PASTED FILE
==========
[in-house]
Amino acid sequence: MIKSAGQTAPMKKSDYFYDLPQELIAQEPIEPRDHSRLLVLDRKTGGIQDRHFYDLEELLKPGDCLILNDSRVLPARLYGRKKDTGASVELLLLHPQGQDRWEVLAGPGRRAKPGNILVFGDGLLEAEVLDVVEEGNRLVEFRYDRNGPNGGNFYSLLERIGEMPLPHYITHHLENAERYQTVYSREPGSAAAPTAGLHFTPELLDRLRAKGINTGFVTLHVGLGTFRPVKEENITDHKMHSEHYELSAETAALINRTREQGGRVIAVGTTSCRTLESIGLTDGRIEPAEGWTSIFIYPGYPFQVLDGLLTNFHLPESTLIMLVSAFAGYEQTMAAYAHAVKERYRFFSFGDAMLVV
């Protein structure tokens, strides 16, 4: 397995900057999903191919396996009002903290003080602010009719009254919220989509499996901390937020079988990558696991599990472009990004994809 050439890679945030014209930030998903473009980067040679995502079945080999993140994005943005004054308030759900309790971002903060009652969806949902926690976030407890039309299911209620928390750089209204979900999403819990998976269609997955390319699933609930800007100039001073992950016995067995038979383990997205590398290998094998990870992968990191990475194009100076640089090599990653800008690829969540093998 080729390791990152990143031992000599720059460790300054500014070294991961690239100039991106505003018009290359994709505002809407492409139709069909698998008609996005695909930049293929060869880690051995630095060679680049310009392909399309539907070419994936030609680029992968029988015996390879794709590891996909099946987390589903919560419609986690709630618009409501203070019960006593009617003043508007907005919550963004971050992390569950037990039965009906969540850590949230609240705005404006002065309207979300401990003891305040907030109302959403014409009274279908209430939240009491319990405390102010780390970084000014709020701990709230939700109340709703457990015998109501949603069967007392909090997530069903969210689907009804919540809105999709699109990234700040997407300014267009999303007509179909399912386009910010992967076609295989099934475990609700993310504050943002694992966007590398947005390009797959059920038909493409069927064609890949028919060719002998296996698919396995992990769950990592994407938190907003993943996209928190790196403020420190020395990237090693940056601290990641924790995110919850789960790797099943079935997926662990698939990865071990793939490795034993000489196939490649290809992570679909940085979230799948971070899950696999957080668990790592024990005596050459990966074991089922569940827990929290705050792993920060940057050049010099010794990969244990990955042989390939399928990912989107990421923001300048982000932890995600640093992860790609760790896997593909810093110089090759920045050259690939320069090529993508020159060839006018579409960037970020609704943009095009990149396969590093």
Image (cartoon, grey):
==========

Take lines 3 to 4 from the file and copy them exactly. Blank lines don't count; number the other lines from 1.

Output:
């Protein structure tokens, strides 16, 4: 397995900057999903191919396996009002903290003080602010009719009254919220989509499996901390937020079988990558696991599990472009990004994809 050439890679945030014209930030998903473009980067040679995502079945080999993140994005943005004054308030759900309790971002903060009652969806949902926690976030407890039309299911209620928390750089209204979900999403819990998976269609997955390319699933609930800007100039001073992950016995067995038979383990997205590398290998094998990870992968990191990475194009100076640089090599990653800008690829969540093998 080729390791990152990143031992000599720059460790300054500014070294991961690239100039991106505003018009290359994709505002809407492409139709069909698998008609996005695909930049293929060869880690051995630095060679680049310009392909399309539907070419994936030609680029992968029988015996390879794709590891996909099946987390589903919560419609986690709630618009409501203070019960006593009617003043508007907005919550963004971050992390569950037990039965009906969540850590949230609240705005404006002065309207979300401990003891305040907030109302959403014409009274279908209430939240009491319990405390102010780390970084000014709020701990709230939700109340709703457990015998109501949603069967007392909090997530069903969210689907009804919540809105999709699109990234700040997407300014267009999303007509179909399912386009910010992967076609295989099934475990609700993310504050943002694992966007590398947005390009797959059920038909493409069927064609890949028919060719002998296996698919396995992990769950990592994407938190907003993943996209928190790196403020420190020395990237090693940056601290990641924790995110919850789960790797099943079935997926662990698939990865071990793939490795034993000489196939490649290809992570679909940085979230799948971070899950696999957080668990790592024990005596050459990966074991089922569940827990929290705050792993920060940057050049010099010794990969244990990955042989390939399928990912989107990421923001300048982000932890995600640093992860790609760790896997593909810093110089090759920045050259690939320069090529993508020159060839006018579409960037970020609704943009095009990149396969590093």
Image (cartoon, grey):